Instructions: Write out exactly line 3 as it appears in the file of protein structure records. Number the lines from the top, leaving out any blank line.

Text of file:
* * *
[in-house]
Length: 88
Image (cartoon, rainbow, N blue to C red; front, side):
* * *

Image (cartoon, rainbow, N blue to C red; front, side):